Here is a good example for a Catch-22 situation: Staff on fixed-term contracts excluded from potential roles due to their fixed-term contracts.
Generation 2004 again challenges the unequal treatment of staff, this time coming from what would ideally be the most unlikely of sources, the Local Staff Committee (LSC) in Brussels, which refused to interview those candidates who had ‘only a year left’ before hitting the arbitrary 7-year rule for their recent vacant post since it would be a ‘waste of time’. It is most unfortunate that an LSC would choose not to lead by example, choose not to seize this opportunity to take action and fulfil their declared responsibility to ‘represent the interests of the staff ’. But what can we expect from from U4U and Alliance (R&D, TAO, SFE and SE), a coalition representing the interests of the already-relatively-well-looked-after?
It is already somewhat more difficult to recruit to the staff representation than it is to recruit elsewhere in the Commission. If applications from candidates approaching 6 years in the same institution are not welcome, be clear and transparent about this from the outset and don’t waste time and raise the hopes of colleagues who find themselves in this situation. To exclude candidates with proven experience in the institutions and who could be fully operational almost immediately from even being interviewed, in favour of recruiting people from outside the institutions, who might reasonably take up to a year to be fully operational, seems to be not only a false economy in terms of time, training, knowledge and skills but also a further slap in the face for our long-suffering colleagues with fixed-term contracts.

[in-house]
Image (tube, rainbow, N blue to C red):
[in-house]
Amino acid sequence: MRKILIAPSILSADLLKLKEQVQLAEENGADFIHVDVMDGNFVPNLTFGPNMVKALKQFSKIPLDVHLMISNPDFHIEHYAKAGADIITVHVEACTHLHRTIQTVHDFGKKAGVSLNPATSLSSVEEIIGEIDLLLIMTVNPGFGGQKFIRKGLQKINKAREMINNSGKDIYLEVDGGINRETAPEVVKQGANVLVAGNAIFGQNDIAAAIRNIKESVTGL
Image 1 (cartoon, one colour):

Are we to add to the list of abuses that our colleagues already experience that the final possible year of the arbitrary limit of seven will now be put beyond the reach of almost anyone, when even the organisation whose purpose it is to represent the interests of all staff chooses not to consider the merits of candidates with 6 years of experience in our institutions? Generation 2004 continues to highlight the many ‘abusive practices’, ‘Limited access to decent employment opportunities in the Institutions, insufficient job security and unfair working conditions’ and notes that we hear less and less ‘equal pay for equal work on the same working place’,
Check out the latest figures from HR: 22.8% of Commission staff are now contract staff, that’s 7 478 colleagues on the conveyor belt of contracts until they drop off the end after 6 of the 7 possible years. The figure for temporary agents is 4.7%: 1 535 colleagues.
From our article on our petition in support of contract agents: ‘The European Commission, which preaches the principles of non-discrimination, transparency and equality of chances to EU Member States public administrations and society at large, is at the same time condoning the opposite inside its own premises’ … and it appears that the LSC Brussels is doing the same.
Please sign our petition on contract agents. We have collected almost 1 500 signatures so far!
Let us know your experiences and what you think about this!